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ACLU Sues N.C. School District Over Access

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ACLU Sues N.C. School District Over Access


ACLU Sues N.C. School District Over Access

ACLU Sues N.C. School District Over Access

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  • <iframe src="" width="100%" height="290" frameborder="0" scrolling="no" title="NPR embedded audio player">
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The American Civil Liberties Union has sued a school district in North Carolina, claiming the Wilkes County schools denied access to a pacifist who wanted to talk to students about alternatives to the military.


The Pentagon wants to sign up 322,000 military recruits this year. And the push is on to find them at high schools across the country. So, an anti-war group in North Carolina wants students to hear its message, too. It's joined forced with the ACLU to file a lawsuit against the school district in North Wilkesboro. Greg Collard of member station WFAE reports.

GREG COLLARD: In some ways, this story has its roots back in the first Iraq War. Back then, Sally Farrell's(ph) son was in high school and so were military recruiters.

Ms. SALLY FARRELL (North Carolina Peace Action): They would try to speak to him at school. They would call on the phone. They would call his work. They went to his workplace.

COLLARD: Fast forward to 2005. Farrell heard more stories of aggressive recruiters. And as a member of North Carolina Peace Action, she asked the local superintendent for permission to visit schools herself to talk to students about her view of the military.

Ms. FARRELL: We really weren't expecting any resistance, but he said no.

COLLARD: Eventually, Superintendent Stephen Laws relented when Farrell brought a representative of AmeriCorps. That lasted one semester.

Mr. STEPHEN LAWS (Superintendent, Wilkes County Schools, North Carolina): It kind of regressed into a negative portrait of the military rather than a positive recruiting for other options. And at that point, I said no, we're not going to do that.

COLLARD: Laws says he won't allow any school visitors to criticize other groups on campus. Farrell says she's not critical. She's just telling students facts. She says the school system's refusal to allow her on campus is a violation of her First Amendment rights. Last month, the state ACLU filed a lawsuit against the district. Attorney Charles Johnson represents the ACLU.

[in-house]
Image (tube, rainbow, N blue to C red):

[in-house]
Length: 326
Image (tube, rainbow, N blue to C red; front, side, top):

Mr. CHARLES JOHNSON (Attorney, American Civil Liberties Union): They have a right to determine the sorts of access that are given to outsiders to come into the schools. But once they open the door, they cannot discriminate upon the basis of viewpoint.

COLLARD: The school superintendent disagrees. He says the purpose of having any recruiter on campus is to offer kids employment or education opportunities. He thinks Farrell and North Carolina Peace Action have a political agenda.

Mr. LAWS: Unless they back down, it'll go to court because we're not backing down.

COLLARD: Laws is speaking to a group of juniors and seniors at the district's main office about the lawsuit. Most, like Ashley Rankin(ph) and Courtney Jarvis(ph), say it's okay for recruiters to be at their school. But they don't want to be the subject of a hard sell.

Unidentified Woman #1: The lady was coming around, saying here, here, you need to read this and handing us stuff, and…

Unidentified Woman #2: It seems to me like she's pushing her opinion on us more than - she's just giving out factual information.

Unidentified Woman #1: She does have facts, like, they're facts, but they're opinionated facts.

COLLARD: One brochure warns students they shouldn't enlist to escape problems then adds that many people discover the military amplifies their problems. But these teenagers also say Farrell's literature serves a purpose, such as one that suggests questions to ask recruiters.

Last year, a Chicago-area school banned a peace activist distributing similar literature. The activist was later allowed to return. Peace groups plan to hold a national conference this summer to come up with strategies so that school districts let their messages be heard.

Sergeant First Class Scott Gianfrancesco(ph) heads the Army's recruiting office in the North Wilkesboro area. He doesn't have the access he wants, either. That's because this controversy prompted the school board to restrict all recruiters to just four visits a year.

Sergeant First Class SCOTT GIANFRANCESCO (United States Army): Some of the students are a little more standoffish in the Wilkes County Schools. Some of the educators themselves that are in there because they've had limited contact with military personnel.

COLLARD: But the policy doesn't include classroom visits, so Gianfrancesco is identifying military-friendly teachers to encourage them to invite recruiters to their classes. For NPR News, I'm Greg Collard in Charlotte.

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